UV-B radiation microphototherapy. An elective treatment for segmental vitiligo

J Eur Acad Dermatol Venereol. 1999 Sep;13(2):102-8.


Background: Vitiligo is a common disease of unknown cause that produces disfiguring white patches of depigmentation. Previous studies have suggested the effectiveness of UV-B radiation in generalized vitiligo (GV) therapy, but there was no evidence to support the same role for segmental vitiligo (SV).

Objective: The purpose of this study was to use UV-B radiation exclusively on vitiligo patches of individuals affected by SV to evaluate the effectiveness of this therapy.

Subjects and methods: Eight individuals with SV were treated for 6 months with a new device called BIOSKIN that can produce a focused beam of UV-B (microphoto-therapy) on vitiligo patches only. Photographs of the subjects were taken at the beginning of the therapy and once a month thereafter for 6 months. The response to treatment was estimated in two comparable photographs using planimetry. A control group of eight individuals matched for sex and age was treated with placebo, using the same device but not releasing any kind of detectable light.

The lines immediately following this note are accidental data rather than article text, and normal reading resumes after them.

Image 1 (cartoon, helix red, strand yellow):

Results: After 6 months of microphototherapy five subjects of the eight studied achieved normal pigmentation on more than 75% of the treated areas. In particular, three of these were totally repigmented. Two individuals achieved 50-75% pigmentation of the treated areas, and only one showed less than 50% repigmentation. In the control group only one patient showed moderate repigmentation (less than 50%).

Conclusion: UV-B microphototherapy seems highly effective in restoring pigmentation in patients affected by vitiligo. As no side-effects have been observed, this could represent the treatment of choice in the limited (segmental) forms of vitiligo.

Publication types

  • Clinical Trial

MeSH terms

  • Adolescent
  • Adult
  • Female
  • Humans
  • Male
  • Ultraviolet Therapy* / instrumentation
  • Ultraviolet Therapy* / methods
  • Vitiligo / radiotherapy*